Colt McCoy is the epitome of class

The college football gods owe Colt McCoy a massive apology, because what they did to him on Thursday night was extremely cruel.

On the fifth play of the 2010 BCS National Championship Game, an Alabama defender hit McCoy on his right side and the quarterback’s arm immediately went dead. He motioned to come out of the game and was replaced by freshman Garrett Gilbert for the remainder of the series.

That was the last time McCoy took a snap for the Texas Longhorns, who eventually fell to Alabama, 37-21.

It’s not fair what happened to McCoy. You could see how distraught he was while having to watch from the sidelines as his team fought an uphill battle. He came back for his senior year for the opportunity to win a national championship and instead he was forced to be a spectator for his team’s biggest moment. For what he did at Texas and for college football, he deserved more than this ending.

But even though he was handed the most unfortunate of breaks, McCoy proved to everyone how much character he has. Following the game, he held back tears while talking to ESPN reporter Lisa Salters about having to watch the game from the sidelines. Nobody would have blamed him if he vented his frustrations or talked about how the outcome of the game would have been different had he played.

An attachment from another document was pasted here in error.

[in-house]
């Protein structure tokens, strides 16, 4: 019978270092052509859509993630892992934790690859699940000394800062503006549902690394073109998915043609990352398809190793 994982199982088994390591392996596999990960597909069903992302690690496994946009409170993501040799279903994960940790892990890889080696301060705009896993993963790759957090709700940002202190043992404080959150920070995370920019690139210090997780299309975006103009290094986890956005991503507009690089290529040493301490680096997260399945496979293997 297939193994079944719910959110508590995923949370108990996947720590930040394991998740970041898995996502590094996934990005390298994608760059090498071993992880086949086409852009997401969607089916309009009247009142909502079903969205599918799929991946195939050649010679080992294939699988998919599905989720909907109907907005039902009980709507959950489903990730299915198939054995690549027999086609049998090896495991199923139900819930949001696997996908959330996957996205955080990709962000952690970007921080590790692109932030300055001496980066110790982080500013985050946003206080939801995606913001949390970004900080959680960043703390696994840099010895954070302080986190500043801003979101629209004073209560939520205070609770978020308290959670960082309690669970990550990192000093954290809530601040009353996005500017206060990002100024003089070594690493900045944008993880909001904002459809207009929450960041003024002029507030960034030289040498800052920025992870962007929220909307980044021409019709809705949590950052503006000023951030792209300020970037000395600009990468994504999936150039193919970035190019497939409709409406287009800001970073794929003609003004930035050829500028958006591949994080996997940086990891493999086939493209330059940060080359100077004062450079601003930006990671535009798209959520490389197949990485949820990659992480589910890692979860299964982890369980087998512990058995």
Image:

But instead, he made it a point of emphasis to congratulate Alabama not once, but twice while wrapping up the interview. And it wasn’t a clichéd, tongue-in-check type of congratulations: It was as sincere as they come.

McCoy managed to muster the strength to congratulate an opponent that had just benefited from one of his darkest moments. Now that’s class.